America’s Hotshots: The best men and women for the job

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After the deaths of 19 ‘Hotshot’ fire-fighters in Arizona’s devastating wildfires in July, we take a look at the rigorous training techniques they have to endure

The 19 fire-fighters killed in the Arizona wildfires this July were part of a specially trained team of Interagency Hotshot fire-fighters.

The fatal combination of the dry US climate and reduced management of forests has led to intensely demanding specialist training for these US fire-fighters. In recent months, similar wildfires have spread through Arizona’s neighbouring states, Colorado and California, following one of the driest winters in memory. This year’s fire season is on track to be deadly, spreading through acres of land.

An interagency Hotshot crew (IHC) or Hotshot Crew is an American team of fire-fighters that have specially trained in the suppression of wildfires in America and Canada. In the world of Wildland fire-fighting, Hotshot crews are seen as an elite group of fire-fighters. The team are so-called Hotshots because they are sent to the hottest parts of wildfires and they must maintain exceptionally high physical fitness standards.

Wildfires are a global danger, with groups such as the New South Wales Rural Fire Service of Australia and the Regional South East Asia Wildland Fire Network fighting desperately against these deadly natural forces. Fire-fighting crews must undergo this elite form of fire-fighting around the world – with its increased danger, in particular risks of heat stress and exhaustion – but the epitome of tactics and training are those of the IHC.

Hotshot crew members respond to massive, high-priority fires throughout America and they must often do so with little logistical support. Tackling wildfires is a job like no other. It requires unique training methods and complete absorption into the job at hand. Unique demands include living in the wilderness for not just days but weeks on end. The average assignment lasts a fortnight and crew members will arrive at a fire with a minimum of two full days’ food and water rations.

Entry level wildfire fire-fighter positions are extremely competitive and most full-time temporary positions are filled by individuals who already have acquired training and experience through volunteer or part-time positions. Hotshots are most often sent into the very worst areas of the fires, hence their name. This means that regulations require at least 80% of a team’s members to have at least one previous season of fire-fighting experience. They have to train and work together at least 40 hours a week.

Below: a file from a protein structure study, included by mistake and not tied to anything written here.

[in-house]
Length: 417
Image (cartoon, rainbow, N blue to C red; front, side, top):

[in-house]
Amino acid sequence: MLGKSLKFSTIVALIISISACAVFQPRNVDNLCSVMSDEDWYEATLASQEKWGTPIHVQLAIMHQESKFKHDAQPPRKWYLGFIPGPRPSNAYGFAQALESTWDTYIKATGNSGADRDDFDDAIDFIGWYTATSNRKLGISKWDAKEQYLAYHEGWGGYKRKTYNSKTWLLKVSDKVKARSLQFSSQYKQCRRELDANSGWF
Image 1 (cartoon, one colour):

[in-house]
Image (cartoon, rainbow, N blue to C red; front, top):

Prospective Hotshots must obtain a "Red Card" or Interagency Incident Qualification Card by completing the National Wildfire Coordinating Group Basic Fire-fighter course (S-130) and the Introduction to Fire Behavior course (S-190). In addition to classroom and field training they must pass a strenuous physical work-capacity test. General IHC Operation requirements must be met according to the National Interagency Hotshot Steering Committee standards, but training will take place with established state IHC crews, according to state-specific outlines.

There are about 110 Hotshot crews across America each with about 20 members. Their main task is to scour a ‘fire line’ in the landscape and form a break between the fire and nearby homes by removing anything that could fuel the flames – such as brush, trees and vegetation.
The team must dig, chainsaw, scrape and carry huge kits, doing anything they can to deter the firm whilst always being aware of their escape routes.

When Hotshots are sent out to a wildfire, they use several tools to deprive the fire of the three things it needs to burn: Heat, fuel and oxygen. The crews cut firebreak lines – trenches dug into the ground down to the mineral soil — working as quickly as they can to remove the trees, grass and brush that fuel the fire. Once a firebreak is in place then another tool can be used, called a backfire. This is a smaller fire lit behind the firebreak line. As the main fire draws in oxygen, it pulls the backfire towards the main fire, which burns all of the brush and grass. Then when the main fire reaches the firebreak, it often burns out.

All of these tasks must be performed quickly and efficiently in extreme heat, with the weight of an extensive tool kit that comprises:

• Helmet and goggles which are fitted with protective flaps to cover the face if needed
• A gear bag containing essentials such as water, rations, sleeping bag and a fire shelter
• Fire-resistant clothing, including shirt, trousers and gloves. Crews also have yellow jackets with fluorescent strips for high visibility
• An axe or "Pulaski" – a combination of an axe and a hoe that is used for clearing trees and vegetation
• Drip torch which can be used for lighting smaller fires along a control line to consume the fuel of the main fire
• Leather boots – without steel toe caps, which attract and retain heat